TOKYO (Kyodo) -- Prime Minister Shinzo Abe has decided to cancel a controversial publicly funded cherry-blossom event next year amid mounting criticism that he has previously used it to entertain his supporters, the top government spokesman said Wednesday.
As the opposition forces have taken issue with what they see as murky criteria for selecting guests to the annual event, held every April since 1952, Chief Cabinet Secretary Yoshihide Suga said the government will carry out a "comprehensive" review.
"Given there are various views on the cherry-blossom viewing event, we'd like to clarify the invitation criteria, make the process transparent and conduct a comprehensive review, including the budget and the number of invitees," Suga said at a press conference.
He added the cancellation of the event next April was Abe's own decision.
Held at a Tokyo park famous for its cherry blossoms, the government-funded event is intended to honor people such as athletes and celebrities for their accomplishments.
It came under the spotlight after revelations that Abe's supporters were among those invited, raising questions about the use of taxpayers' money.
Under his administration, the number of guests and the amount of money spent by the government on the gathering have been on the rise.
The abrupt announcement came as Japan's opposition parties stepped up calls on the premier to explain the matter in the Diet. Earlier in the day, the ruling coalition of Abe's Liberal Democratic Party and Komeito agreed on the need for a review of the guest selection criteria.
Abe has denied he was involved in selecting who attends, as the government -- specifically the Cabinet Office and the Cabinet Secretariat -- decides on the list of people to be invited based on recommendations from each ministry and agency.
Suga revealed Wednesday that it has been a "long-held practice" for the secretariat to also gather guest recommendations from the ruling parties and within the Cabinet, including the prime minister, deputy prime minister and chief and deputy chief Cabinet secretaries.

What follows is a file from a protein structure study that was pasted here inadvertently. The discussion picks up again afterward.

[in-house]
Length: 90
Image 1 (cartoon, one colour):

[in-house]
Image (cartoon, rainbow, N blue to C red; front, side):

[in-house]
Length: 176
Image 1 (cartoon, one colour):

The opposition forces have called for the release of past guest lists, but the Cabinet Office has said they have been discarded as it did not deem it necessary to retain them.
However, the education ministry said Wednesday that the lists of recommended guests it compiled and submitted between 2017 and 2019 have been kept, in line with the ministry's own rules.
Education minister Koichi Hagiuda told a parliamentary session that some of his supporters did participate in the cherry-blossom viewing event.
When pressed to disclose the ministry's lists by an opposition lawmaker in the session, Hagiuda said, "We cannot disclose them because they are only recommendations and include a lot of personal information."
Another member of Abe's Cabinet, health minister Katsunobu Kato, also admitted in a separate parliamentary session that some supporters from his constituency had attended the event. But he denied that his office was involved in drawing up the invitation list.
The major opposition Constitutional Democratic Party of Japan and three other parties are set to grill Abe over the annual gathering in Diet.
The government sets a rough target of 10,000 for the number of people invited to the seasonal event at Tokyo's Shinjuku Gyoen National Garden.
This year, about 18,000 people took part with the government spending about 55 million yen ($504,000), up from about 30 million yen in 2014.
The controversy arose after Japanese Communist Party lawmaker Tomoko Tamura told parliament recently that the cherry-blossom viewing party was part of a big event for Abe's supporters and questioned the use of taxpayers' money as a possible election violation.
Abe's office at his constituency in Yamaguchi Prefecture, western Japan, has solicited supporters who wished to participate in the annual cherry-blossom viewing event on a package tour to Tokyo, according to supporters.